PLAINFIELD – John and Keebie Bright’s new home in Plainfield, at 24010 Commercial St., is filled with antiques.
An old-style fireplace in the living room is topped by an old mantel. Above it hang a few items Keebie has collected over the years as a history buff. The family room floor still has original flooring, and the elderly couple’s beds are styled and raised like in the 19th century.
But the most notable part about the couple’s new home is that it’s the oldest home in the village, thought to have been built in the 1830s by the founder of Plainfield, Chester Ingersoll.
The Brights bought the house and began the renovation process in 2013, after it survived the threat of being torn down.
“Back then [in 2013], we thought it would be a fun retirement thing to do,” Keebie said. “It took two years, and we’re not in very good health, so we probably wouldn’t have considered it now.”
Saving the house
Keebie was wearing a 19th century outfit June 17 while Plainfield Historic Preservation Commission Chair Michael Bortel presented her and John with a plaque for their investment into the historic house.
The presentation drew a crowd of about 20 people who toured the home, which at one point was about to be demolished by former owner Dr. Peter Muraglia, a dentist who owns Plainfield Dental next door.
“He was going to demolish it so he could expand his business,” said historic preservation commission member Debra Olsen. Olsen negotiated with Muraglia to buy the house and moved it about 30 feet west so Muraglia could expand. Olsen also owns the property bordering the other side of the house.
The Brights bought the house from Olsen, investing $300,000 to renovate it to its original 1830s appearance. Olsen helped coordinate the restoration with Plainfield-based Hometown Builders and Arris Architects.
“We had a lot of interior of the building that wasn’t the original,” Olsen said. “We had to do a lot of demolition to get it down to the historic bones of the house, and that took about six months.”
The research and process of designating a historic structure often is started or led by local history enthusiasts.
Former Morris Alderman Ken Sereno, who resigned in May after 34 years on the city council, has spent hours with old Morris Herald-News microfilm searching for events that have added to historic homes’ histories.
“I used to go down to the courthouse to look up the history of who has lived in the houses, and that’s what I used as a basis,” he said.
Sereno has authored books on the historic homes of Morris, helping to identify the 41 homes in Morris that are used by the Morris Downtown Development Partnership’s “Heritage Homes” project.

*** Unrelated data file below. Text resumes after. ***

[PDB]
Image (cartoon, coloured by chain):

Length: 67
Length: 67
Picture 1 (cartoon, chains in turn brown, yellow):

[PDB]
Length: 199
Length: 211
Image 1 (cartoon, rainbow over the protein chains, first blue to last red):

The goal of the Heritage Homes project is to create an interest in older homes and the community’s history.
To be listed, a house must be located in city limits, 75 years or older, in good condition with no significant alterations, have documented evidence and represent a unique architectural style or design, according to the Heritage Homes criteria.
Owners are expected to maintain the homes.
“They had to go down to the county clerk’s office and find out when the historic home was built and what changes were made,” said Debbie Steffes, from the Grundy County Historical Society.
Historic homes have restrictions on repainting and remodeling, but the designation also comes with tax incentives, Steffes said.
A stretch of Lockport Street in Plainfield was added to the National Register of Historic Places in 2013. Under the designations, historic building owners can receive a 20 percent federal income tax credit for the property, or a property tax assessment freeze, Bortel said.
The national register lists 35 properties or districts in Will County and seven in Grundy County.
A larger local historic district was designated in the same area by the village of Plainfield. But the tax incentive motivates owners to restore the property to an older look, Bortel said.
One example of this is the recently renovated “Opera House” at the intersection of Lockport and Des Plaines streets, which owner Bill Habiger restored to its original 1889 Queen Anne style.
Habiger spent more than $1 million on the restoration, meaning he will likely receive a tax credit upward of $200,000 on his more than $1 million restoration.
For Keebie, a former member of the historic preservation commission, the Ingersoll house was more about seeing history preserved.
“This was the very first home and to tear it down? I’m glad it turned out this way,” she said.